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Blazing a new data speed record

Three DVD movies a second? Yes, but the networking technology will also enable scientists to exchange huge data files.

A group of researchers have found a way to quickly transfer huge amounts of data over computer networks, paving the way for greater global scientific cooperation and future commercial uses.

By shuttling data at a sustained rate of 101 gigabits--the equivalent of three DVD movies--per second between Pittsburgh and Los Angeles, the so-called High Energy Physics team shattered a record for data transfer and won the Supercomputing Bandwidth Challenge, a contest geared toward improving network connection speed for grid computing.

The team sustained the 101-gigabit speed for only a few minutes during the 90-minute demonstration, peaking at just above the 101-gigabit mark. But "we are confident if we did it again...we would sustain the 100+gbps throughput for hours," Harvey Newman, professor of physics at the California Institute of Technology and the head of the team, wrote in an e-mail. Transfer rates of 130gbps to 140gbps are likely possible, he added.

The research also points the way toward future applications for much faster transfers of audio, video and other data. "There are also profound implications for how we could integrate information sharing and on-demand audiovisual collaboration in our daily lives, with a scale and quality previously unimaginable," Newman said.

The team is made up of computer scientists, physicists and network engineers from Caltech, Fermilab, CERN, the University of Manchester, and universities from Korea and Brazil, among other places.

The old data transfer record, set by the same group a year ago, was 23.2gbps, less than a quarter of the current record. The amount of data transferred under the new record is also greater than the sum of all of the other marks in the contest in the previous two years combined.

Put another way, the data transfer speed is equivalent to transmitting the entire Library of Congress in 15 minutes. On the Internet, the record for data transfer is about 4.23gbps, while the record on Internet2 stands at 6.63gbps.

The data transfer rates were achieved in part though the Fast TCP protocol developed by Caltech professor Steven Low, which prevents congestion better than standard TCP. Standard TCP gauges congestion by the rate that packets of data get dropped. FAST TCP observes the delay that packets experience as they travel through the network.

This technique "provides a more accurate and more timely measure of congestion than packet drops--i.e., the traffic source can react to congestion before it builds to such a severe level that buffers at routers overflow and packets are dropped," professor Low wrote in an e-mail interview.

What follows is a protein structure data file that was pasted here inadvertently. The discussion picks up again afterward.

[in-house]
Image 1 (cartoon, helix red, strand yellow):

Greasing the skids
A beefed up hardware infrastructure--including several 10-gigabit links, four dedicated wavelengths of , an all-optical network that links U.S. universities, Web services software and a vast array of other technology--also helped boost overall speeds.

The goal of the experiment is to create technology that will enable physicists across the globe to cooperate on massive, data-intensive projects that will involve computers located around the world.

CERN, for instance, will begin to conduct experiments in 2007 to search for Higgs particles, believed to be responsible for mass in the universe and other phenomena. The search will ultimately involve more than 2,000 scientists from 160 institutions exchanging terabyte-size data samples in an effort to look for unusual particle interactions.

Because many users will make requests worldwide for data, the transfer of massive files will have to occur within a few hours, not days. Data from the project will generate several petabytes of data fairly rapidly, researchers on the project said.

Besides particle physics, the networking technology will benefit researchers in bioinformatics, astronomy, global-climate modeling and geosciences.

Reducing network latency on global computing is also the focus of PlanetLab, an initiative led by Princeton University, Intel and the University of California at Berkeley. Others are looking at ways to create an Internet link to Mars.

To demonstrate its technology, the group also transferred simulated physics data to CERN, the University of Florida, Fermilab, Caltech, U.C. San Diego and Brazil for processing. The results were then aggregated in Pittsburgh and transformed into a visual display of the data. In another demonstration, the organization transferred large data sets between Pittsburgh and Manchester.

Private companies that contributed to the project include Cisco Systems, Hewlett-Packard and Newisys, which makes servers based on Advanced Micro Devices' Opteron processor.